Like many of you, my journey in quantitative finance began back in 2008 when I was a young postgraduate student trying to figure out my next career move.
I began by self-studying as many quant finance texts as I could get my hands on, but soon noticed that the information I needed to know was pretty dense and quite difficult to understand without a lot of work. Further compounding the difficulty was the fact that there were no real courses and few certifications for the quant industry at this stage.
I really needed the key concepts organised and laid out in an easy to digest manner so that I wasn't wasting precious self-study time. Nothing of that sort really existed for quant job interview preparation on the Internet at the time, so I figured I'd do it myself.
I organised my notes, read all of the available mathematical finance and algorithmic trading textbooks, spoke to a bunch of people working in the industry and placed all of that information online so I could easily access my notes from anywhere to help me understand. And thus QuantStart.com was born.
In 2010 I was lucky enough to be employed as the lead quantitative developer for a London-based US-equity long-short startup quantitative hedge fund.
Over the next couple of years I gained a diverse set of skills across software development for high performance systems, statistical modelling for high frequency time series and startup formation of hedge fund structures.
The biggest lessons that I learnt during this period were less to do with sophisticated trading strategy development and more to do with institutional grade portfolio and risk management.
I now firmly believe, and teach accordingly, that the most important aspects for a prospective quant trader to learn are how to carry out sophisticated position sizing and risk management of their portfolios. I also strongly believe that even if you a retail trader, that you can learn a great deal from how quant hedge funds manage their risk.
In early 2012 I made the bold decision to concentrate on QuantStart full-time. I left the fund and worked tirelessly to post quant finance content across topics as diverse as university choice, time series analysis and deep learning.
One of the consistent themes running across all of the articles on QuantStart is the notion of continuous learning. Quant finance is a rapidly changing field. If you're not constantly learning, you will fall behind those that are.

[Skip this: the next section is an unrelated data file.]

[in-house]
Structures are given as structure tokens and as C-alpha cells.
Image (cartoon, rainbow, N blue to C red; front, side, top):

My primary motivation for continuing to run QuantStart is to ensure that I keep learning about all of the new techniques in quant finance, which allows me to share them with the quant community so that we all grow together.
Coming from a scientific research background I still firmly believe in knowledge sharing, and am passionate about concepts such as free open-source software. While there is certainly a lot of proprietary knowledge in the world of quant finance, there is still plenty to share and we all become better by doing so.
I've gained a great deal of insight from the numerous conversations I've had with many of you, whether through email exchanges, catching up at quant conferences or through the post comments on the site. I hope you have learnt a similar amount!
The world is becoming more and more automated. Software is replacing many roles, including a lot of those in finance. Many aspects of finance are becoming systemised - particularly those related to trading of complex assets.
Now is the perfect time to train to become a quant - an individual who can model, design and code these automated risk and trading systems. Such a career provides a highly intellectually stimulating environment, surrounded by smart peers and excellent compensation compared to other industries.
Not only is quant finance great the entry level, where you're being paid very well to utilise your mathematics and programming skills, but it can lead to more exciting, and lucrative, roles in institutional risk management, quantitative development or, for the truly ambitious, a manager of your own quantitative investment fund.
The key skills of data science, mathematics, statistical machine learning and an ability to code algorithms are at the forefront of this development and are only going to become more important as time goes on.
It is my goal - and passion - to help you gain these skills via the resources on this site in order that you can achieve your dream career goals in the exciting, and ever-changing, world of quantitative finance.